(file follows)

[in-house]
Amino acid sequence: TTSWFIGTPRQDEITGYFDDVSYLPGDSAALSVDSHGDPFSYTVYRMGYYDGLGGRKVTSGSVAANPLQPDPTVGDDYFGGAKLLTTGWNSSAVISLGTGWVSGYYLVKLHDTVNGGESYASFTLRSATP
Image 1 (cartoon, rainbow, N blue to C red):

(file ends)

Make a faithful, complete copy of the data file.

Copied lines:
[in-house]
Amino acid sequence: TTSWFIGTPRQDEITGYFDDVSYLPGDSAALSVDSHGDPFSYTVYRMGYYDGLGGRKVTSGSVAANPLQPDPTVGDDYFGGAKLLTTGWNSSAVISLGTGWVSGYYLVKLHDTVNGGESYASFTLRSATP
Image 1 (cartoon, rainbow, N blue to C red):